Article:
Posted November 23, 2004
i have never read any books from VLT and i thought this book was was sexy, fun, and a good read. it always made me want to read more! this is must read book! i suggest it to everyone! if you like quick read romance thats sexy this is the book for you!Was this review helpful? Yes NoThank you for your feedback. Report this reviewThank you, this review has been flagged.
Posted May 30, 2004
Posted June 21, 2004
Posted July 6, 2004
I actually read this novel last summer after Kelli Ripa recommended it on Regis and Kelli, and loved it. Mostly it cracked me up but overall I enjoyed it, even the backwoods sterotype even though I am a Southern girl.Was this review helpful? Yes NoThank you for your feedback. Report this reviewThank you, this review has been flagged.
Posted June 16, 2004
Posted May 6, 2004
I've read several of Vicki Lewis Thompson's books and I've enjoyed all of them, but I¿ve never hated a book more than I hated this one. The heroine of the book (now 26) moved to Hawaii at the age of 15 from the backwoods of Tennessee. From the first page to the last page, there were continual references to her life in Tennessee--relatives that ran around barefooted and making moonshine, no electricity, it being common place for girls to lose their virginity at the age of 12/13. I've never lived in TN, but I am from the south and VLT¿s depiction of southern people outraged me. It was stereotypical and extremely insulting. I can assure you that there are in fact people in the south who manage to hang on to their virginity beyond the ripe old age of 12, they do own shoes, and I've never known anyone who made moonshine or who didn't have electricity. In addition to the fact that I found the book insulting, I hated the heroine. She was superficial and just plain stupid. The last chapter of the book she finally grew a brain and was somewhat likable, but that¿s a long time for the reader to have to wait. The hero would have been likable if it weren¿t for the fact that I spent the entire book wondering what in the hell he wanted with this woman. He deserved better! Numerous times the actions of the characters were just ridiculous. One example: they were stranded on a deserted island with no water, no food, and no idea rather or not they were going to be rescued, but they did have a gun. When a boat showed up and the occupants of the book refused to take them to the mainland, they just allowed the boat to drive away and leave them there. Any person with half a brain would have used the gun and forced the people to take them to the mainland. Prior to reading this book VLT was an `automatic buy¿ for me, but never again will this southern girl spend another dime on a VLT book. I gave the book a rating of one star, but only because I wasn¿t allowed to give it zero stars.Was this review helpful? Yes NoThank you for your feedback. Report this reviewThank you, this review has been flagged.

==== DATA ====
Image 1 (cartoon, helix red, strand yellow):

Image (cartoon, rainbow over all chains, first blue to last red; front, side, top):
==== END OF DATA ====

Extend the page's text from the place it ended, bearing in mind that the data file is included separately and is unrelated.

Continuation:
Posted February 24, 2004
know a bunch of y'all didn't like it but I thought it was great...original plot and great focus on the the personality of Jackson, would love to hear more about the two of them (Jack and Genevieve's)Was this review helpful? Yes NoThank you for your feedback. Report this reviewThank you, this review has been flagged.
Posted February 6, 2004
I hated this book. It dragged on and was unbelievably boring. An incredible waste of my time and money. Whenever I have trouble sleeping I just grab 'Nerd in Shining Armor' and I'm out like a light. At least its good for something.Was this review helpful? Yes NoThank you for your feedback. Report this reviewThank you, this review has been flagged.